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    'Match Day' is a wonder for USF medical students

    Hoping for the residency of their dreams, some get their first choice, others don't.

    photo
    [Times photo: John Pendygraft]
    Buffie Reid clutches her good-news envelope and her fiance, Kayne Grau, after learning Thursday that she got her first choice for her medical residency, the Medical College of Virginia.

    By BABITA PERSAUD, Times Staff Writer
    © St. Petersburg Times
    published March 22, 2002


    TAMPA -- It was "Match Day" Thursday, the annual rite at which medical students nationwide -- including 103 at the University of South Florida -- are told where they will do their residency.

    It is a day to rejoice.

    Or not.

    USF student John Vadaparampil, 24, from Miami, learned Thursday that he didn't get his first choice. Or his second. He is heading to the Unversity of Kansas, his 12th choice.

    But he made himself happy, anyway.

    "It's the last place, the cut-off of where I'd be happy," Vadaparampil said.

    At times, Match Day felt like a frat party. Beer spilled from the hands of surgeons-to-be. Kamal Massis, who learned he is headed to the Mayo Graduate School of Medicine in Jacksonville, wore a T-shirt that read, "For good luck rub my tummy." He belly-slammed classmates as names were called.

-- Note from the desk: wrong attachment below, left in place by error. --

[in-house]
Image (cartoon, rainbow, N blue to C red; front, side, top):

The students' futures were contained within nondescript, beige envelopes guarded by Dr. Steven Specter, the associate dean of student affairs at USF's Medical School.

    "I've got an envelope here that will determine the rest of your life," Specter said.

    Names were called one by one. Squeals followed. Moms aimed cameras. Hands were held over fast-beating hearts.

    "Susan McFarland. Pediatrics, Johns Hopkins Hospital."

    "Ryan Mott. Pathology, Duke University Medical Center."

    Most USF grads received their first choice. Thirty percent are staying in the area, including Brian Fordham, future anesthesiologist.

    "My fiancee is an attorney here, and I didn't want to relocate because she would have to retake the bar," he said.

    The students were matched through the National Residency Matching Program, which was established in 1952. It's a simple process: Schools rank their picks; Students rank theirs. Computers make the final decision.

    Held the third Thursday of every March, "Match Day" is a medical school tradition nationwide. A total of 23,459 students experienced the anxiety Thursday.

    They graduate in April.

    Then "in a month we will be doctors," Jason Mensch said. "People will be calling us in the middle of the night."

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